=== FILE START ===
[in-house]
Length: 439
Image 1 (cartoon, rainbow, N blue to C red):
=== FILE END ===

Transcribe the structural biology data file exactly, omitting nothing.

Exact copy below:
[in-house]
Length: 439
Image 1 (cartoon, rainbow, N blue to C red):